Monday, October 06, 2008

awards, talks… and why blue?

Current work: articles/nonfic
Listening to: Bach
Reading: Robert Goddard, Name to a Face (not bad – my ears pricked up at the beginning when Sir Cloudesley Shovell was mentioned, as he’s local, but that was a red herring. Wasn’t bad (nice way of spending a Sunday morning, with sheeting rain outside) but my favourites of his are still Past Caring, In Pale Battalions, Painting the Darkness and Hand In Glove. If you’re new to Goddard, you’ll enjoy it; if you’re not… it’s not bad, but sadly not in the same league as my favourites.)

Busy weekend. Friday, visited Dad; Saturday was running errands (I was going shopping in town, but I think DH might’ve been reading my blog as he insisted on accompanying me). Jarrolds has a lovely display of the East Anglian Awards shortlisted books. (Mine’s top left.)

And Borders had a poster for my talk at the end of the month.

Spent the afternoon doing location shots for various books. There's a fabulous wall painting of St Christopher at Paston – this is a detail, but from top to toe it’s most of the height of the wall.

Came across something very interesting at Wroxham: a Norman doorway that had been stained blue in the 19th century.

Very interesting carving, too. (Apologies for the purple fringing.)

What I can’t find out is who added the blue stain and why. It’s not mentioned in the church guidebook, or Pevsner, or Mortlock (or even by Simon Knott, who is INCREDIBLY knowledgeable, as well as having a writing style I enjoy thoroughly). So if anyone can satisfy my curiosity, please do!


Jan Jones said...

Perhaps the blue was a mistake at the time and no-one has liked to mention it since?

And very fab displays of books and poster indeed!

Anonymous said...

All I can find is that the panel, according to my sources was built in 1623 with Dutch influences. So perhaps the Dutch used to stain their churches to tell the difference between Protestant and Catholic? James I (James IV of Scotland) was the king at the time, and didn't like non-conforming Catholics, so maybe he followed the Dutch example.

Of course, if it is Norman, then I have no clue. I'm American, I barely know American history (according to the schools here anyways. but what do they know?) Though I must admit I find English, and Celtic, history a million times more fascinating-it's like reading a fantasy novel the further back you go!

Melissa Marsh said...

Oooh! I think there's a story brewing somewhere about that blue stain...

Kate Hardy said...

Jan - that's a v interesting theory :o) And thanks for the compliment.

Kate Hardy said...

Lou - thanks for the thought, but the door dates from the 11th/12th century... way before Protestantism came in. And the staining was done during the 19th century. I'm just intrigued about who did it and why.

Churches were very bright inside during the medieval period, with lots of paintings - many were damaged/painted over during the Reformation and the rows continued between Protestant/Catholic views from Edward VI through to Bloody Mary and Elizabeth. And then of course you have the Puritans and William Dowsing, who kept a journal of the churches he... well, vandalised, in my opinion (!), but he was doing his job at the time.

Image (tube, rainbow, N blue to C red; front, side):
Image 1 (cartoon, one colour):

And because the paintings were covered over, when the church was altered/restored some of them were damaged because the builders/restorers didn't know they were there. There's a nice story about Wenhaston church in Suffolk about some wood being thrown outside during restoration work. During the night it rained, and the water dissolved the whitewash; so the next morning the restorers found this incredible painting waiting for them. (Link is - Simon Knott also has a site on Norfolk churches which is utterly fantastic.)

Kate Hardy said...

Melissa - great minds have similar lightbulbs :o)

Simon Knott said...

Hi Jan - thanks for your very kind words about my site. I think I must have been in a bad mood at Wroxham, because I didn't get inside. If the paint is 19th century, then it was probably as part of a restoration - there was a general awareness among the Victorians that medieval stonework was often coloured. Under the circumstances, it doesn't seem an unreasonable thing to have done, but on the other hand why is it not found elsewhere? If it is a little earlier, there was an 18th century fashion for decorating medieval stonework - a good example is at Theberton in Suffolk, where the arcades are decorated, and also at Threxton in Norfolk.

It is not a particularly good entry on my site - I must go back to Wroxham and have another look!



Simon said...

Oops - sorry Kate!

Just noticed I called you Jan in the previous comment by mistake - that's partly because the comment at the top of this page is by someone called Jan, and partly because I'm trying to get tea ready at the same time, and men can't multitask...


Kate Hardy said...

Simon, thanks so much for stopping by. Not sure if it's 18th- or 19th-century paint at Wroxham; though, as you say, very odd that it isn't found elsewhere. Thanks for the tip re Theberton and Threxton - will go hunting.

As for men and multitasking: I shall maintain a discreet silence! (And I stand by every word I say about your site. It's fascinating, and I like your writing style.)